Wednesday August 15, 2018

The lost Irish Musical Tradition Found in India

The study shows that Modern Indian horns are almost similar to many iron age European artifacts and unveils the fact that the two regions were culturally linked together 2,000 years ago

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A depiction of horn instrument. A exhibit in Salem district museum, Tamil Nadu, India.
horn instrument , Wikimedia Commons
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By Akanksha Sharma

An archaeologist examining horns from the iron-age Ireland has found musical traditions that were thought to be long deceased, is still alive in South India.

The study shows that Modern Indian horns are almost similar to many iron age European artifacts and this unveils the fact that the two regions were culturally linked together 2,000 years ago, said PhD student Billy Ó Foghlú , from The Australian National University (ANU) adding,”Archaeology is usually silent. I was astonished to find what I thought to be dead soundscapes alive and living in Kerala today.”

Mr. Ó Foghlú said,“The musical traditions of south India, with horns such as the kompu, are a great insight into musical cultures in Europe’s prehistory.”

File:Jakthorn, enligt inskriptionen tillverkat av horn från den sista uroxen i Europa - Livrustkammaren - 102555.tif
An European Horn, Wikimedia Commons

He further mentioned, “And, because Indian instruments are usually recycled and not laid down as offerings, the artifacts in Europe are also an important insight into the soundscapes of India’s past.”

Related Article: The Musical bond between India and Pakistan

This discovery has lead to the idea that Europe and India had a vibrant cultural interchange with musicians from different cultures, and sharing independently has developed technology and musical style.

A carving of a celebration in Sanchi dates back to c300 BC clearly shows a group taking part in the event, playing two European carnyces (a horn with animal’s head).

The musical technique of Kerela explains some of the mysteries surrounding the horns that were unearthed in European iron-age excavations and indicate a very different musical style to the modern age western music, said Mr. Ó Foghlú.

“This was previously assumed to be evidence of shoddy workmanship. But in Indian music, this kind of dissonance is deliberate and beautiful. “Horns are used more as a rhythm instrument, not for melody or harmony in a western sense,” he added.

The research is published in the Journal of Indian Ocean Archaeology.

Akanksha Sharma is a student of Journalism in New Delhi. She currently works as an intern in Newsgram. Twitter@Akanksha.4117

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India will Send a Manned Flight into Space by 2020: Modi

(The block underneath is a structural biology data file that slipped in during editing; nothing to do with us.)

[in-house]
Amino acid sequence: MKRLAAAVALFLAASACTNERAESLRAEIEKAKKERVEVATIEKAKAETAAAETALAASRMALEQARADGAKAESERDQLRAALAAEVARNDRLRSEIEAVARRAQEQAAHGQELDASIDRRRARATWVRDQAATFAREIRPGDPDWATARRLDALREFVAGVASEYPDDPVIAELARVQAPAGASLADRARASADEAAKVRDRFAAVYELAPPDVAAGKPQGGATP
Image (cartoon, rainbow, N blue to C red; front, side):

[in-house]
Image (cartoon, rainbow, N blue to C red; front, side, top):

He said India will become a growth engine for the world economy as the "sleeping elephant'' has started to run on the back of structural economic reforms.

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A high rise building is illuminated in the colors of the Indian tricolor flag on the eve of Independence Day in Kolkata, India
A high rise building is illuminated in the colors of the Indian tricolor flag on the eve of Independence Day in Kolkata, India. VOA

India will send a manned flight into space by 2022, Prime Minister Narendra Modi announced Wednesday as part of India’s independence day celebrations.

He said India will become the fourth country after Russia, the United States and China to achieve the feat and its astronaut could be a man or a woman. The space capsule that will transport India’s astronauts was tested a few days earlier.

Rakesh Sharma was the first Indian to travel in space, aboard a Soviet rocket in 1984. As part of its own space program, India successfully put a satellite into orbit around Mars in 2014.

India won independence from British colonialists in 1947. Modi’s 80-minute speech, broadcast live from the historic Red Fort in New Delhi, comes months before national elections.

Modi listed his government’s achievements in the past four years in reforming the country’s economy, reducing poverty and corruption. He announced a health insurance scheme for 500 million poor people providing a cover of 500,000 rupees ($7,150) per family a year.

A woman sells Indian national flag memorabilia on the eve of Independence Day in Lucknow, India
A woman sells Indian national flag memorabilia on the eve of Independence Day in Lucknow, India. VOA

He said India will become a growth engine for the world economy as the “sleeping elephant” has started to run on the back of structural economic reforms.

He said its economy was seen as fragile before 2014 but was now attracting investment. India is the sixth largest economy in the world and Modi said international institutions see India as giving strength to the world economy for the next three decades.

Also Read: Amazon’s Alexa Can Now Learn Hindi and Other Indian Languages

He said the structural reforms like a national tax replacing various national and local taxes, bankruptcy and insolvency laws, and a crackdown on corruption have helped transform the economy. (VOA)